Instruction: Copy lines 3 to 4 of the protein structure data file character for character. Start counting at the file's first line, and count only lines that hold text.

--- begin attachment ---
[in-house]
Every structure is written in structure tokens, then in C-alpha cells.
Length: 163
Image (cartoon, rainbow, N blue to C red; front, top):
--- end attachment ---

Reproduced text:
Length: 163
Image (cartoon, rainbow, N blue to C red; front, top):